Surveillance data from the Centers for Disease Control and Prevention have identified variations in the onset and offset of the RSV season in areas within Florida that should affect the timing of palivizumab administration. The updated recommendations state that infants and young children in Florida who qualify for prophylaxis for the season should receive palivizumab only during the five months following onset of RSV season (maximum of five doses). Detailed recommendations for specific areas of Florida are discussed in the 2009 Red Book and the AAP policy statement.
Eligibility criteria for prophylaxis of high-risk infants, young children
Infants with chronic lung disease of prematurity
No change is recommended for consideration of palivizumab prophylaxis for infants and children younger than 24 months of age who receive medical therapy (supplemental oxygen, bronchodilator, diuretic or chronic corticosteroid therapy) within six months before the start of the RSV season (a maximum of five monthly doses).
Infants born before 32 weeks’ gestation (31 weeks, 6 days or less)
No change is recommended for consideration of prophylaxis for infants born at or before 28 weeks’ gestation who may benefit from prophylaxis during the RSV season, whenever that occurs during the first 12 months of life. Infants born at 29 to 32 weeks of gestation may benefit from prophylaxis up to 6 months of age (a maximum of five monthly doses).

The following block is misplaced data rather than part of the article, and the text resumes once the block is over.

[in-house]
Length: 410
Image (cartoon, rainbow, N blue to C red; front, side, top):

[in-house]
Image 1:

Infants born at 32 weeks’ to less than 35 weeks’ gestation (32 weeks, 0 days through 34 weeks, 6 days)
A change has been made in the recommendation for infants in this category so that these infants receive a maximum of three doses. Available data do not enable definition of a subgroup of infants in this gestational age group at risk of prolonged hospitalization or admission to the intensive care unit. Therefore, recommendations have been modified to reduce the risk of RSV hospitalization during the period of greatest risk (the first 3 months of life) among infants with consistently identified risk factors for hospitalization.